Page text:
According to one aspect of the invention, the invention is directed to a memory device. The memory device includes a semiconductor substrate, an N-type conductivity source, and an N-type conductivity drain formed on opposite sides within the semiconductor substrate, such that the source drain defined a body region therebetween. A bottom dielectric layer is formed over the semiconductor substrate. A charge storing layer is formed over the bottom dielectric layer. The charge storing layer has a conductivity such that a first charge can be stored in a first charge storing cell adjacent the source and a second charge can be stored in a second charge storing cell adjacent the train. A top dielectric layer is formed over the charge storing layer and a P+ polysilicon gate layer is formed over the top dielectric layer.

According to another aspect of the invention, the invention is directed to a a memory device. The memory device includes a semiconductor substrate having a first conductive region and a second conductive region formed therein and a channel region interposed between the first and second conductive regions. A first dielectric layer is disposed over the semiconductor substrate and a dielectric charge trapping layer is disposed over the first dielectric layer. A second dielectric layer is disposed over the dielectric charge trapping layer and a gate electrode is disposed over the second dielectric layer, wherein the gate electrode has a barrier height of about 4.1 eV to about 4.2 eV relative to the second dielectric layer.

BRIEF DESCRIPTION OF DRAWINGS

These and further features of the present invention will be apparent with reference to the following description and drawings, wherein:

FIG. 1 is a schematic cross-section illustration of a SONOS-type memory device in accordance with the present invention;

FIG. 2 is a neutral state energy band diagram of a SONOS-type memory device having a P+ gate in accordance with one embodiment of the present invention;

FIG. 3 is a programmed state energy band diagram of a SONOS-type memory device having a P+ gate in accordance with one embodiment of the present invention;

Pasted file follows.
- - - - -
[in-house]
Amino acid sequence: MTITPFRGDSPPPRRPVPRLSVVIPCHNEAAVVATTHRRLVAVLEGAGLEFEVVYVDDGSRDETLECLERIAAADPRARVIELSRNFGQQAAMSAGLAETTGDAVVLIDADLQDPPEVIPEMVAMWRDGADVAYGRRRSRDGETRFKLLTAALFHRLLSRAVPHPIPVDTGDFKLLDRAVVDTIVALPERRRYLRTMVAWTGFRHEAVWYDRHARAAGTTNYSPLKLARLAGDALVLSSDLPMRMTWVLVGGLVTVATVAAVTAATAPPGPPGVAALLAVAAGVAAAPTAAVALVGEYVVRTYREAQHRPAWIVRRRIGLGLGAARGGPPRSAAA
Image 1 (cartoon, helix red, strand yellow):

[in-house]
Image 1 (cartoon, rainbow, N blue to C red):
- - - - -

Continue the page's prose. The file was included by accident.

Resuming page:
FIG. 4 is an over-erased state energy band diagram of a SONOS-type memory device having a P+ gate in accordance with one embodiment of the present invention;

FIG. 5 is a neutral state energy band diagram of a SONOS-type memory device having a P+ gate and a reduced thickness bottom oxide in accordance with another embodiment of the present invention;

FIG. 6 is a programmed state energy band diagram of a SONOS-type memory device having a P+ gate and a reduced thickness bottom oxide in accordance with another embodiment of the present invention;

FIG. 7 is a plot of drain current vs. gate voltage for a plurality of channel erase operations performed on a SONOS-type memory device in accordance with the present invention; and

FIG. 8 is a plot of threshold voltage vs. erase time for both a normal bit and a complementary bit on a SONOS-type memory device in accordance with the present invention.

DISCLOSURE OF INVENTION

In the detailed description that follows, corresponding components have been given the same reference numerals regardless of whether they are shown in different embodiments of the present invention. To illustrate the present invention in a clear and concise manner, the drawings may not necessarily be to scale and certain features may be shown in somewhat schematic form.

With reference to FIG. 1, an embodiment of a “double-bit”, semiconductor/oxide-nitride-oxide on semiconductor (SONOS) type, non-volatile, flash electrically erasable programmable read only memory (EEPROM) memory device 10 is illustrated. The memory device 10 includes a semiconductor substrate 12. In one embodiment, the substrate 12 can initially be doped to have P-type conductivity (e.g., P dopant concentration). Within the substrate 12, an N-type conductivity (e.g., N+ dopant concentration) source 14 and an N-type conductivity (e.g., N+ dopant concentration) drain 16 are formed.